views on integrity

July 21, 2009 · Filed Under Theoretical Foundation · Comment 

The word integrity is abused; it is abused to such a degree and so pervasively that it is worth having a clear look at what is actually meant by it.

To keep this short, we won’t draw conclusions here, we will only resort to the presentation of facts in the context of organic organization, explaining the meaning of the word starting with the point of view of specialists, positioned at the bottom of organic organization, and finishing with that of the main integrator, positioned at the top of the organic organization. Not wanting to become overly philosophical, we will not elaborate on world views and only briefly present the following factors for consideration: will and role. As a general rule, it must be mentioned that the fundamental will of superior players in each role is to integrate up. To what degree they are ready to make compromises on this, determines their level of integrity; the less integrity the more deviations we can see in behavior and communications.

Before we continue we must emphasize, that organic organizations and business organizations are in almost polar opposition to each other, meaning that in business organizations the top of the perceived hierarchy is mostly occupied by specialists, unable to exert any kind of integration, and a so called “main integrator” is almost never present.

The function of specialists is performance. Integrity on this level means that the person actually does what he says he does. Being a specialist -just like the other three roles within an organic organization- is a mode of existence with a very specific world view, and corresponding thinking. The behaviour of specialists is conditioned; it has the least amount of freedom in comparison to the other three roles, it is the most dependent on circumstance. It’s easy to see that if the conditions are not favourable, meaning that the other roles are not purely present (and they are never purely present), to live up to the premise of “I do what I say and I say what I do” is almost impossible. So even on this lowest level, integrity is constantly compromised; and of course the more it is compromised, to more it is talked about. What specialists want, in addition to the chance to perform, is recognition and reward. In lack of a direct force of integration coming from “above” (from integrating specialists), the coveted recognition and reward becomes purely quantitative, in other words they completely get out of control.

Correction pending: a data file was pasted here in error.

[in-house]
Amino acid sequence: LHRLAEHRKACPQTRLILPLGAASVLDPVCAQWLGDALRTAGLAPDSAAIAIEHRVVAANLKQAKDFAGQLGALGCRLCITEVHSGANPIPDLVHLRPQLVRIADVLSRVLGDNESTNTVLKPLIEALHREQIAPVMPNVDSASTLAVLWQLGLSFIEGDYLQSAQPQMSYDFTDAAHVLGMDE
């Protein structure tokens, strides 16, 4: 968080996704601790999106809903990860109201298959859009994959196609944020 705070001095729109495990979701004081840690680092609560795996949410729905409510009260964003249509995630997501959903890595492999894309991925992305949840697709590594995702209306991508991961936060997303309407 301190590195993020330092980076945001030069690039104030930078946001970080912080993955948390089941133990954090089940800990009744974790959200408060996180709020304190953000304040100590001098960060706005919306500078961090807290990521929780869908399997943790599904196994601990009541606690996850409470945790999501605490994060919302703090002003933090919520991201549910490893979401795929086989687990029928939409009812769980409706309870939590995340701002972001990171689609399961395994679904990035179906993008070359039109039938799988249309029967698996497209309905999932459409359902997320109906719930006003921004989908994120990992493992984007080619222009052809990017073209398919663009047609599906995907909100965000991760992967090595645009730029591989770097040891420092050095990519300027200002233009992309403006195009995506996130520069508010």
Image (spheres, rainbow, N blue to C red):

The role of integrating specialists, in a business setting is to manage expectations. Not up, but down. Since the roles are never present in a pure form, reality is that they have to manage expectations both up and down. On this level integrity means (in addition to not lying) successfully representing groups and finding consensus. Integrating specialists want acknowledgment.

The role of the specialized integrators is only minimally connected to specialized functions. They are focused on so called vertical integration. Vertical integration is qualitative, based on principles. Simply put: principles are the cause of organic organization. What makes an organization mechanic is precisely the lack of principles: they can’t “emerge”, they must be created; so specialized integrators represent principles and this representation, this “presence” (of principles) is what ensures upward vertical integration. From another aspect: specialized integrators are trying to transform a mechanic organization to an organic one. Since it is obvious to everybody that this can’t be accomplished perfectly, the integrators role is comparable to that of a warrior.

Integrators do not make compromises on principles, because this would mean that they compromise themselves. We can only talk about near perfect integrity among integrators.

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